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Late payment with debtor out of business
Thread poster: Khalid W
Khalid W
Local time: 18:58
Arabic to English
+ ...
Sep 26, 2007

Hi,

In early May, I did an Arabic translation job for a Texas-based translation company worth about $990 dollars. Though I promptly invoiced them, I did not receive payment, even after the 45 day period specified by the company. Over the summer, they did not respond to two or three e-mails asking about when I could expect the payment. In early September, I decided to call the company, but found that their phones were now out of service, and their website down. I assume that they've gone out of business, but I haven't found any record of them filing for bankruptcy such that I could file with the court to receive compensation.

Also, I don't have a phone number for the owner (who was my contact there), a personal e-mail address, or his home address, so I'm not sure if a collection company would be able to track him down easily. Googling his name, I did find mention of him...currently in an Arizona criminal court, but I'm based on the East Coast, and the court wasn't able to give out any details on the case, of course.

Any suggestions on what I should do next? Is there any chance of getting some or all of my money back, or should I just give up and not waste more time on this? Any advice specific to US law would be especially welcome. Thanks,

Khalid



[Edited at 2007-09-26 19:36]


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Suzette Martin-Johnson
Canada
Member (2007)
French to English
+ ...
Diminishing returns Sep 27, 2007

I would leave this one alone given legal fees in the US, but maybe someone else with better knowledge of the system can advise you on this.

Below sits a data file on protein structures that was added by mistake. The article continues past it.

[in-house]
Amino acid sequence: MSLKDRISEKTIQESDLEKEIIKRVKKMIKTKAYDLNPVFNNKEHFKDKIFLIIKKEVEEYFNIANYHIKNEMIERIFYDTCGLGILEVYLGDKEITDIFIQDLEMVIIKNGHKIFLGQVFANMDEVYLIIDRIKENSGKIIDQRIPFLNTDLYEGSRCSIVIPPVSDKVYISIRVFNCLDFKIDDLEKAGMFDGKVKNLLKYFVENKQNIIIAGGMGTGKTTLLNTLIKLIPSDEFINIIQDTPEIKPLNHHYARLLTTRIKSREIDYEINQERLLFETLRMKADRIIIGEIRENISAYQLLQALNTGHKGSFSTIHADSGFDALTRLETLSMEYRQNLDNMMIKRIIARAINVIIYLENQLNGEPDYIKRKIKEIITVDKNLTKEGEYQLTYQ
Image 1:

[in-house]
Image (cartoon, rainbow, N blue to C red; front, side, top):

Also, pay $80 for six months of proz.com membership so you can get involved with a community of translators and get to know more outsourcers!! This isn't just a plug, it has actually worked for a lot of people.

Good luck.


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casey
United States
Local time: 18:58
Member
Japanese to English
$990 is a hefty sum of money Sep 27, 2007

I'd be inclined to pursue this. In my opinion, at least, $990 is a lot of money. It would be worth it to try to get the payment.
You might be able to find some details by doing a whois search on the expired domain name. It may still have contact details.

Khalid W wrote:

Hi,

In early May, I did an Arabic translation job for a Texas-based translation company worth about $990 dollars. Though I promptly invoiced them, I did not receive payment, even after the 45 day period specified by the company. Over the summer, they did not respond to two or three e-mails asking about when I could expect the payment. In early September, I decided to call the company, but found that their phones were now out of service, and their website down. I assume that they've gone out of business, but I haven't found any record of them filing for bankruptcy such that I could file with the court to receive compensation.